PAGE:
DESCRIPTION (provided by applicant): Campylobacter jejuni is a Category B Bioterrorism Agent as classified by the NIH. It is the leading cause of bacterial gastroenteritis in the United States, and is responsible for sporadic disease as well as food-borne and water-borne outbreaks. There are at least 2.4 million cases of C. jejuni gastroenteritis in the U.S. annually, with an incidence exceeding that of Salmonella and Shigella combined (1). C. jejuni infection is also the most common antecedent event to development of Guillain-Barr Syndrome, an acute motor paralysis apparently resulting from an autoimmune response directed at C. jejuni surface antigens. Despite the high prevalence of Campylobacter disease and more than 20 years of study, the mechanisms by which C. jejuni causes disease remain obscure. Several C. jejuni virulence factors have been identified, yet their regulatory mechanisms are largely unknown. Recent evidence implicates DNA methylation as an important signal controlling virulence gene expression in Salmonella and other bacteria. In light of this, our studies on the predicted C. jejuni DNA methylase Cj1461 showed that cj1461 was induced at 37C, the internal temperature of humans, consistent with a role in pathogenic growth adaptation. Further experiments revealed that mutation of cj1461 resulted in the dramatically altered expression of ca. 50-60 proteins, including known virulence factors and additional predicted regulatory proteins such as the orphan response regulator Cj0355. Consequently, Cj1461 appears to be involved in a complex regulatory circuit controlling expression of numerous C. jejuni genes; growth temperature is one of the signals. We now propose further study of gene regulation in C. jejuni, focusing on those proteins that are regulated by the predicted DNA methylase Cj1461 and the orphan response regulator Cj0355. We will use a combination of microarray, proteomics, and biochemical approaches to achieve the goals outlined in these three specific aims: Specific Aim 1. Determine the functional properties of Cj1461 and Cj0355 responsible for modulating virulence gene expression. Specific Aim 2. Identify the downstream targets of Cj1461 and Cj0355 to define their combinatorial impact on gene regulation. Specific Aim 3. Elucidate the upstream factors and signals controlling Cj1461 and Cj0355 expression to reveal the entire regulatory circuit.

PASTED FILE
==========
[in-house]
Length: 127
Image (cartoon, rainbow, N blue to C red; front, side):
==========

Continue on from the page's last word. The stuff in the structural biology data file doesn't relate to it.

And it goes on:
|Effective start/end date||9/30/04 → 8/31/06|
- National Institutes of Health: $320,460.00
- Immunology and Microbiology(all)